It’s been two weeks since I last posted, and I’ve missed you terribly. The truth (part one) is, I didn’t know what to say. I’ve been heartbroken in so many various and sundry ways, and silence felt like the only possible response. The truth (part two) is, I haven’t wanted to reach out. I’ve wanted to stay very quiet, and very still, to possibly be so still and so quiet that I would not feel all the layers of hurt that have curled themselves up around my heart. But I know I can’t stay silent forever, and I know that now is as good as two days from now. So here we are. I want to tell you a bit about what’s been happening, some of which you know, and some of which you don’t.
And I made us a juice to get through. It’s wintery and light, packed with immune system boosting vitamin C and fresh ginger, and hydrating cucumber. It’s quick and delicious and you only need a blender to make it. It’s colors and zinginess have given me hope in the midst of much darkness. So. Juice-equipped, let’s talk.
Here’s what you don’t know:
Today, the mother of one of my dearest friends in the world will be laid to rest. As you read this, I might be standing in a rain-soaked cemetery in Mill Valley, or sitting shiva in a betrayingly bright apartment in San Francisco, or continuing to sort out the pieces of my grief in this loss from my grief in the losses that came before.
It’s been a strange year thus far, in that I’ve been so caught up in work that the things I typically tend to most anxiously—friendships, dating, exercise, staying current with The Good Wife—have fallen by the wayside. Which is not at all to say that I no longer care about these core elements of my being (Jeffrey Dean Morgan is insanely hot; I shall never forsake him), but that the tension that usually surrounds them, the questioning, the self-doubt, the relentless uncertainty, all of that has fallen away. A welcome kind of stillness has settled around me by way of exhaustion.
I’m familiar with this myopia—it’s something I saw in my parents almost every day of my childhood from age 11 on, as they navigated the waters of being work-from-home business owners. At 13, while they discussed account management over dinner, I begged them to give us thirty minutes of each day untouched by business concerns. Even still, I noticed this same fierce penchant for entrepreneurship in myself as I grew up. I loved the challenge of building something out of nothing, I loved the rigor of standing unarmored in the world and demanding of myself that I find a way to make things work. I flinch to admit it, but I loved the risk, the danger, of being made so vulnerable.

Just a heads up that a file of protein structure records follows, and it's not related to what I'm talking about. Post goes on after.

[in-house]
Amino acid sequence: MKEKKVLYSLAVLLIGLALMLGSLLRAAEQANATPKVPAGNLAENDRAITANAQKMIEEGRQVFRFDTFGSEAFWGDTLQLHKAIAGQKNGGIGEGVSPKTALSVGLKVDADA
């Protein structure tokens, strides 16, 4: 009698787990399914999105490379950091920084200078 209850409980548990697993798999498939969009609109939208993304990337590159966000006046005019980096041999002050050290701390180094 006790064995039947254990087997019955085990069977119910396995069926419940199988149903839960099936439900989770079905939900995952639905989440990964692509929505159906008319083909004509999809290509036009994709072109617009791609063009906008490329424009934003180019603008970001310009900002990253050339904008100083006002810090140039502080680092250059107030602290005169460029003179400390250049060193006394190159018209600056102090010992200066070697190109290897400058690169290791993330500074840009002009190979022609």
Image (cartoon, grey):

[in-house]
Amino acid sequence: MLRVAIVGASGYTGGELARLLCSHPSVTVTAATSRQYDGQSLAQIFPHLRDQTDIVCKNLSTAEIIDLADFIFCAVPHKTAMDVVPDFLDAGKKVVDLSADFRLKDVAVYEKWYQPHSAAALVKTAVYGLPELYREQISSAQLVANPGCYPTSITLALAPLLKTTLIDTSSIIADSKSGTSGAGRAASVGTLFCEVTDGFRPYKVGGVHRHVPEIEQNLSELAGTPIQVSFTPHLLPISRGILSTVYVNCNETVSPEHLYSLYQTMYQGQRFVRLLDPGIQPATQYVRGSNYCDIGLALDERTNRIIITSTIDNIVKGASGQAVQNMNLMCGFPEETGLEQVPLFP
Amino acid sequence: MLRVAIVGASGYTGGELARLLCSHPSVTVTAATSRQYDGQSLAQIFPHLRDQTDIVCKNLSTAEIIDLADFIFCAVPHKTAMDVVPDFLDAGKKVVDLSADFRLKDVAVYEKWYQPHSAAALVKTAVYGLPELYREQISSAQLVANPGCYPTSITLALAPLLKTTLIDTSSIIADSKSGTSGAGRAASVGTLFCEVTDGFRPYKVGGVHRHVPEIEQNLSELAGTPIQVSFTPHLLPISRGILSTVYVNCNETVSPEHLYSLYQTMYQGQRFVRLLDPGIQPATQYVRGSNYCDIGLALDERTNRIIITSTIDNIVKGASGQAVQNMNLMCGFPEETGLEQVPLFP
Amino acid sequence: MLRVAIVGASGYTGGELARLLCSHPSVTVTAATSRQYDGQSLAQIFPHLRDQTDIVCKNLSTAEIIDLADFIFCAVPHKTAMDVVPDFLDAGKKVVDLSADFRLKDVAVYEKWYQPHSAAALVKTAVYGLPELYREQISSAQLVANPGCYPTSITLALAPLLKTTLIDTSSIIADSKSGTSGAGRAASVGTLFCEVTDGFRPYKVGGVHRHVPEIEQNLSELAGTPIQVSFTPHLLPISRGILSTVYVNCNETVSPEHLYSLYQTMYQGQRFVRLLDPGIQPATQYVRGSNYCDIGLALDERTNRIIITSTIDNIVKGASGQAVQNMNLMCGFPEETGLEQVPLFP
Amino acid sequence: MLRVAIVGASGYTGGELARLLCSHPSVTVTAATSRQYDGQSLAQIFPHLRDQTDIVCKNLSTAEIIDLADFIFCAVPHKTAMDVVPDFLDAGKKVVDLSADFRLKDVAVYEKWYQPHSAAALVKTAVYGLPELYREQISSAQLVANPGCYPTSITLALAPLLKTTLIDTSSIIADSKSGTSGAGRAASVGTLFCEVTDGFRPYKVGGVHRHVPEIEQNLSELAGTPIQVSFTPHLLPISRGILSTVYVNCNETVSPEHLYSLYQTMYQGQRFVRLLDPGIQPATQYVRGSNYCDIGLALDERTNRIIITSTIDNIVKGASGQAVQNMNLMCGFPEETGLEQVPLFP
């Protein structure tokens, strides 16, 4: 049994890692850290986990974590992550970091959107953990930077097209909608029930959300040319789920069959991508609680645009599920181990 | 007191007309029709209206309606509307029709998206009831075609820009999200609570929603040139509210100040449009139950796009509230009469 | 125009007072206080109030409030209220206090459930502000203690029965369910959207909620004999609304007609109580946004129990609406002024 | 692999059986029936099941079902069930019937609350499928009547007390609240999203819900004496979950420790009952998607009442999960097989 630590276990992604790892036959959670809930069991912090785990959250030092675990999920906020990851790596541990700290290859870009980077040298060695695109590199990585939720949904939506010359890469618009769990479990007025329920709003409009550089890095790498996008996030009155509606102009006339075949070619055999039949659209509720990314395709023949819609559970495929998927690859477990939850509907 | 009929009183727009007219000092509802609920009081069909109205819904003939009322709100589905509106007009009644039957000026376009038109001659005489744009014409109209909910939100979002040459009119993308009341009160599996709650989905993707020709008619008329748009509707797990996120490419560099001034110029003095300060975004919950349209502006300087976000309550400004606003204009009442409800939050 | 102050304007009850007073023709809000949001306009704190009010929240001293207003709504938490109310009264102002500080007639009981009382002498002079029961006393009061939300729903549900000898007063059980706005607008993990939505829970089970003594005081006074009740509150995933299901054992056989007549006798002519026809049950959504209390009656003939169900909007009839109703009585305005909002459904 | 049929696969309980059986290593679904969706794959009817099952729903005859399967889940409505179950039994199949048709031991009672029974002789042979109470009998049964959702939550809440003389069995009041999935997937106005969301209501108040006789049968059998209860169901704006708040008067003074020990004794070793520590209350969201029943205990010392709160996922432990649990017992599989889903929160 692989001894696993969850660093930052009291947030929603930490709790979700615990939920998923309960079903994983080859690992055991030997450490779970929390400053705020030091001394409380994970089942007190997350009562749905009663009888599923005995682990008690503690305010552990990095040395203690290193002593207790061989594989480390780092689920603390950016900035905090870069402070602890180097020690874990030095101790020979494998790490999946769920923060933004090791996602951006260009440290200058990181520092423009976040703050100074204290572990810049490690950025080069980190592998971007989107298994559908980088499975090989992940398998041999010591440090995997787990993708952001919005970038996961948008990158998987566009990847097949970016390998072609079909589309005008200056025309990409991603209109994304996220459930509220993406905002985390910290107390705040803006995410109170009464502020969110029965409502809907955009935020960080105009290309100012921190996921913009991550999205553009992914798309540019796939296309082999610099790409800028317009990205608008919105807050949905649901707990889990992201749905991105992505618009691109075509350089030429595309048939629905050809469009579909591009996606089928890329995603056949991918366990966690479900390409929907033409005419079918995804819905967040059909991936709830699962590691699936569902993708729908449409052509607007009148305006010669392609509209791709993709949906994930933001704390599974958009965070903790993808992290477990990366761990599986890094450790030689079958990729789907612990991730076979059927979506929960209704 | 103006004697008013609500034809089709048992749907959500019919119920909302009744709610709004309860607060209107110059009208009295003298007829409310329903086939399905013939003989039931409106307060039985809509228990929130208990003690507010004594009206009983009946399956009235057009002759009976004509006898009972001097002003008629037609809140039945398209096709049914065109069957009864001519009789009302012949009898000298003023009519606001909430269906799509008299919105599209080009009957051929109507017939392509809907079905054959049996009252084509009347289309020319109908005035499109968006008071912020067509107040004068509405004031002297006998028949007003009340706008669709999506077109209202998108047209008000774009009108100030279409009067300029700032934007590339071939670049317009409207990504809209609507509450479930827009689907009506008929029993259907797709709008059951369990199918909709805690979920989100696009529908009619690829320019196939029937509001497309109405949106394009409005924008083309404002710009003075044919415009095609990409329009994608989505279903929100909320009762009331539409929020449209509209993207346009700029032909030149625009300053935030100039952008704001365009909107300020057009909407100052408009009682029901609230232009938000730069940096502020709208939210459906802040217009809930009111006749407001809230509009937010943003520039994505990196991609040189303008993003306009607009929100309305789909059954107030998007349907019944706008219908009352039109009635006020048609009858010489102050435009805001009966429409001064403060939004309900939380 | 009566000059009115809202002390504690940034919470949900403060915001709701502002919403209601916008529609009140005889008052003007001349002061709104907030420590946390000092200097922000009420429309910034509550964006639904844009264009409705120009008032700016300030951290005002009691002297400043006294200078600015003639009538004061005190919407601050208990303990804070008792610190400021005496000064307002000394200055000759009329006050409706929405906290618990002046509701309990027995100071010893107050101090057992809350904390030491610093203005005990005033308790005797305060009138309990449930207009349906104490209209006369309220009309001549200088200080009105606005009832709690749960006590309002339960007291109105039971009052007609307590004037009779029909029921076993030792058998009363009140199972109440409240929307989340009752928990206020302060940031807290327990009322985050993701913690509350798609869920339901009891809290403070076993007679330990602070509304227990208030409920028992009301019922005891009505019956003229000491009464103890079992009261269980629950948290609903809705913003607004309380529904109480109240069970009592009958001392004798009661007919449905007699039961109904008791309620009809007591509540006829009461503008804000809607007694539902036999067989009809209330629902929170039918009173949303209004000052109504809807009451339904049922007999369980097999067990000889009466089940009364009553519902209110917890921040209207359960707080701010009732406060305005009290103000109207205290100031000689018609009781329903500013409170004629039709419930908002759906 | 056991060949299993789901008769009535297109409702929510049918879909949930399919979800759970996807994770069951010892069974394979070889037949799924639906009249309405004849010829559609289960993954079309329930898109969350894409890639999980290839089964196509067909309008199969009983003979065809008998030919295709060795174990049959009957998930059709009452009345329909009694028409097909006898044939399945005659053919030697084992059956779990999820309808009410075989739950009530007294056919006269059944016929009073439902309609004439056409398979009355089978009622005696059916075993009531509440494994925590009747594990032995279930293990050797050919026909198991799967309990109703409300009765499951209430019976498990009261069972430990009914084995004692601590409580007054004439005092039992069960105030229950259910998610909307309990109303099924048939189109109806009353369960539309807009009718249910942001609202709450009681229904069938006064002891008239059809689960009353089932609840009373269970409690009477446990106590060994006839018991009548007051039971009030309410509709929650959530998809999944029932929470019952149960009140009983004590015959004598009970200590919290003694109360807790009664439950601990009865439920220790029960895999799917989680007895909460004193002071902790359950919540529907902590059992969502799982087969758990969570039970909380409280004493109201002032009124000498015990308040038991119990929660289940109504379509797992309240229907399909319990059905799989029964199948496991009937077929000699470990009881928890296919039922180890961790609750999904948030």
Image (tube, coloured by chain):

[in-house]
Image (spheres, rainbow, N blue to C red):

I cry on planes. Every time I leave a place that has changed me. When I forgot my laptop at the security checkpoint of LAX. Over completely non-emotional reruns of CHOPPED. When I start regurgitating my litany of past loves via poetry that need not be written. And, yes, whenever I consider the liminal, unterritoried sky space I’m hurtling through in the quasi-equivalent of a tin can, feeling my minuscule humanity in the gargantuan mouth of the universe. I cry.
If you know me at all, I doubt this surprises you. But did you know that, in 2011, a Virgin Atlantic airline survey found that 55% of travelers reported they experienced “heightened emotions while flying”—and 41% of men surveyed confessed they had “buried themselves in blankets to hide tears in their eyes from other passengers.” Swap blankets for sunglasses, and I’ll confess to having hidden as such many a time. And to loving it.
Read more and get the recipe + a surprise announcement here!